Kimchi and Chopsticks

Thanks to my mom, I’ve grown up eating (and loving) Korean food. Some of my all time favorite meals are Korean. Galbi (Korean barbecued spare ribs), tteokguk (rice cake soup), chapchae (noodles), egg rolls, Korean style chicken and pork, spinach and soy bean sprouts, sticky rice, gimbap (Korean sushi), Korean pancakes (which is nothing like a breakfast pancake)… just to name a few. And of course I couldn’t forget the most well known Korean food – kimchi. Most people either hate or love it. But what they don’t know is that there are many kinds of kimchi. Nearly any vegetable can be made into kimchi. Kimchi made with napa cabbage is probably the most popular. But I have in my refrigerator right now, turnip kimchi. If you think regular kimchi has a strong odor, you’d probably be blown away by this one. If it didn’t taste so darn good, I probably wouldn’t eat it myself. The poor kids can barely stand the smell, but hopefully they’ll learn to love it like I do.

Tteokguk

Kimchi is usually some form of a fermented vegetable. It’s not much different than one of America’s favorite stinky foods – pickles. (I have to admit that I’m a little sensitive when it comes to kimchi, and would like to point out to that every culture, including us Americans, have “stinky” foods. It’s really just a matter of what you are used to. If we’re judging with our noses, I’ll take kimchi over American cheese any day of the week. They were both a staple in my house growing up. That cheese is some fonky smellin’ sh-tuff!) Kimchi as well as other fermented foods like yogurt, sauerkraut, tofu, some cheeses, even beer and wine, are good for you. Fermented foods (and drinks) boost the immune system and the flora (or good bacteria) is great for digestion, which is important for good health.

Kimchi

As it turns out there are many healthy foods in the Korean diet. Nori (seaweed) is also good for you. One of my favorite lunches is rice mixed with green onions, soy sauce and a little butter, salt and pepper, along with nori and kimchi.

Nori, and other sea vegetables are rich in potassium and iodine and contain other vitamins and minerals not often found in land foods. They have an anti-inflammatory effect and may reduce the risk of breast cancer as well as other types of cancer. They boost the immune system and help maintain normal blood pressure. Sea vegetables also contain lots of B12, which helps fight fatigue, memory loss and nerve damage. Just like fish, some sea vegetables have a stronger flavor than others. I have had seaweed that tastes very “fishy”, which I don’t like, but not all seaweed is fishy. The one pictured above doesn’t have strong flavor at all.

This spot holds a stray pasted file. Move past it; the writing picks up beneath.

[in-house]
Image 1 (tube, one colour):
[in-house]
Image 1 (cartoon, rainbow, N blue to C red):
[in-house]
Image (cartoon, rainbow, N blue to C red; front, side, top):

Koreans also tend to eat a lot more vegetables than meat. Unlike a typical American meal in which the main dish is usually the protein, Koreans will likely have several vegetable dishes with little or no meat. Fish is also a big part of their diet. Fish is rich in Omega 3’s which are good for heart and brain health.

Believe it or not, even eating with chopsticks is good for you. No smart ass – not because you hardly get anything in your mouth, but because it forces you to slow down. It does take some practice to master and I’ll admit I’m not that great with them, but it’s because I don’t use them often. That’s going to change. My mom on the other hand could probably build a brick wall with a pair of chopsticks. It’s a lot healthier to eat food slowly and it’s a fun change of pace. They’re more efficient than a fork when you know how to use them. Eating rice with chopsticks is a challenge, but that’s when the nori or lettuce comes in handy.

Korean style porkchops

One more thing about the way we eat. Maybe you’ve noticed, as I have, how much of the American diet, including how meals are prepared and eaten, is based on convenience. Meals should be a social event from preparation to after dinner conversation. Enjoy yourself while you’re cooking and eating. Meals with good company and glass of wine or beer are far healthier than those eaten alone in front of a T.V.,  in your car or at your desk. People tend to eat more when they eat quickly and alone. I also suggest sitting down when eating – even if it’s finger food. Happy eating!

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About Michele
Wife and Mom of three girls doing her best to lead the family into a healthier lifestyle and evolve gracefully.

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